Five Thoughts on Privacy and Security

Apple’s been in the news this week because hackers apparently forced their way into various celebrities’ iCloud accounts and stole photos, which have now been released to the public. It’s still not clear exactly how the hacks were perpetrated, although that hasn’t prevented plenty of clueless reporting on the topic. In the absence of clarity about exactly what happened, I think it’s useful to focus on a few general points about privacy and security that provide some context for this sort of news.

If Apple really is at fault, it needs to remedy the situation fast

If it becomes clear, as has been reported, Apple’s systems for securing accounts are inadequate in that they either lack rate limiters or are otherwise open to brute force attacks, they need to fix this ASAP. As others have pointed out, these are basic precautions any online service ought to put in place and if Apple hasn’t had them, that’s a massive oversight. There should be (and almost certainly is) an internal review under way at Apple right now looking at all the potential vulnerabilities in Apple’s online sign-on systems and patching them as soon as possible.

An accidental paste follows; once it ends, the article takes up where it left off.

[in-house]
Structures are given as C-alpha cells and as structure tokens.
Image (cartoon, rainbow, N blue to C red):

The impact to Apple will be very limited

Every time a story like this blows up, I get calls from journalists asking whether this will (A) damage the company concerned, (B) make people warier of similar services in future, (C) dramatically change behavior. And every time, I tell them no to all three questions, for one simple reason: people have extremely short memories when it comes to this sort of thing. Just look at the Google Trends data for the search term “privacy”:

Google Trends privacy

What you see is interest in the topic is actually declining over time, though there are periodical spikes in interest, usually triggered by specific news stories such as the one this week. Interestingly, there’s no spike this month even though the equivalent Trends data for the word “hack” has spiked enormously as a result of the news story. In other words, overall concerns about privacy as measured by this data remain low (and are in fact falling) and although there are brief spikes in interest, they don’t last. As such, this story will likely blow over like all the others before it, and there will be little to no lasting impact on Apple.

What is certain is that, if you were looking to orchestrate a campaign to hobble Apple’s announcements this coming week, this would be about as good an attack vector as you might conceive of. It hits Apple where it’s thought to be weakest (cloud services) ahead of what’s likely to be a series of announcements about particularly sensitive data sets (health, home and financial). But my guess is by this time next week it will be forgotten – the public has a very short memory when it comes to this sort of thing.